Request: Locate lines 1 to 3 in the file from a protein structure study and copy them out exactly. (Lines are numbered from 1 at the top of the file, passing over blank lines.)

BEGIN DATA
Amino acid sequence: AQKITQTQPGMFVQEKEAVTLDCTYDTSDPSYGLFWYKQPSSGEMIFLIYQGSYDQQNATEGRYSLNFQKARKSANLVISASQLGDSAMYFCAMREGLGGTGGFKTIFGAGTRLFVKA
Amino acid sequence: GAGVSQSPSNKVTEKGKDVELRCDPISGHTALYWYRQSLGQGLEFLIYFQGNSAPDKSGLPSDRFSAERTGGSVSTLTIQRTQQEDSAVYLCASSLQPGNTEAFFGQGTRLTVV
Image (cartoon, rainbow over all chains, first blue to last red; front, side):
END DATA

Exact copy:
Amino acid sequence: AQKITQTQPGMFVQEKEAVTLDCTYDTSDPSYGLFWYKQPSSGEMIFLIYQGSYDQQNATEGRYSLNFQKARKSANLVISASQLGDSAMYFCAMREGLGGTGGFKTIFGAGTRLFVKA
Amino acid sequence: GAGVSQSPSNKVTEKGKDVELRCDPISGHTALYWYRQSLGQGLEFLIYFQGNSAPDKSGLPSDRFSAERTGGSVSTLTIQRTQQEDSAVYLCASSLQPGNTEAFFGQGTRLTVV
Image (cartoon, rainbow over all chains, first blue to last red; front, side):